Imagine that every step you took today left a visible track on the ground. If you could go back and follow each footstep you took, how much could you deduce about your day? You could see where you traveled, but could you tell how fast you were walking? Could you infer from your stride length when you ran to catch up with a friend? Would you know what friends you walked alongside based on the size of their tracks? Could you tell when you hesitated, unsure where to go next? For expert trackers like naturalist Dan Yacobellis, making these sorts of inferences is like reading a book. The pages are the snow on the ground, and the words are the tracks made by the wild denizens of the woods.
On Saturday morning, in the Rosenburg Center at Hopkins Memorial Forest, students and community members sipped coffee in front of Yacobellis as he drew the shapes of animal tracks on the chalkboard. Every animal travels through the forest differently, and each leaves behind a distinct print. The tracks of the cat family are rounded; those of the dog family are ovular. Every gait and stride length leaves behind a signature unique to each animal. With careful observation, one can identify the species that made a set of tracks, but that is only the beginning of the deduction. The real fun lies in extrapolating the whole story from those tracks, and this endeavor is what still has Yacobellis riveted after tracking animals for over 20 years.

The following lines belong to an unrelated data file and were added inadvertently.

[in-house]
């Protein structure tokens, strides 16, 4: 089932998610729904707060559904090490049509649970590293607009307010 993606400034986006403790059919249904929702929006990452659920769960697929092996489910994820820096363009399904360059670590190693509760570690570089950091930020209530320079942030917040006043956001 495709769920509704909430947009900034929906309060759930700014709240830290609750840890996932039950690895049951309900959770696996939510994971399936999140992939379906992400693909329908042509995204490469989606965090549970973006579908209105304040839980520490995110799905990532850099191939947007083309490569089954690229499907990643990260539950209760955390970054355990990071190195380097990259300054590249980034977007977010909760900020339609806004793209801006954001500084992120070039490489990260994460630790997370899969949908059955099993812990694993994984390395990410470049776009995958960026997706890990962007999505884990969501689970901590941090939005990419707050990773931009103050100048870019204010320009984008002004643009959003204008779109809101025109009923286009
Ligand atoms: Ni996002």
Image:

Having started our trek in search of prints, it did not take long before we could recognize the comings and goings of squirrels, voles, deer and birds around the feeders outside the Rosenburg Center. Beneath one red pine, some tracks led us to the animal itself, and we were treated to an up-close view of a particularly audacious vole voraciously consuming bird food. In an impressive display of speed, Yacobellis snatched the vole up and held it in his gloved hand for us to see. After returning to the ground, the vole rapidly disappeared beneath the snow, only to emerge moments later.
We began to uncover the most exciting story of the day when we happened upon some tracks left by small canine paws. Yacobellis had undoubtedly already identified the animal that was still indiscernible to the rest of us. We then found the path of a gray fox skirting around a log where the field met the forest. Yacobellis could tell this fox was a regular here. Stooping to smell the urine left by the fox, the naturalist explained that he had seen fox tracks in this exact place several weeks before. He pushed us to make inferences about the animal’s behavior. We found some prints that compressed the snow less than the others, as if they had borne a fraction of the fox’s full body weight. Here, the animal had hesitated before proceeding, placing a paw lightly on the snow for balance. Finding a gap in the tracks followed by a cluster of prints, we guessed that the fox had leapt into the air. But why? A student noted that there were bird tracks nearby; perhaps the fox had leapt in opportunistic pursuit of a feathery meal. But it seemed that the fox had left empty-pawed.
Our investigation transformed into a murder mystery once the gray fox’s tracks merged with those of a red fox before reaching the site of a deadly act of predation. One of the foxes had pounced onto the snow and caught an unsuspecting vole. But which fox committed the act? The scene was too chaotic to tell. Leaving the fox tracks, we etched our own footsteps into the wet snow on the trail back to the Rosenburg Center. The fox had snagged a meal, and now it was time for us to procure one of our own.
Simply by heightening our awareness of the signs around us, we had reconstructed the story of a pair of foxes using only the snow. If we always paid this much attention to the world around us, imagine the things we could learn.